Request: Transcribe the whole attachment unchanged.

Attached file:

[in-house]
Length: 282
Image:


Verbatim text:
[in-house]
Length: 282
Image: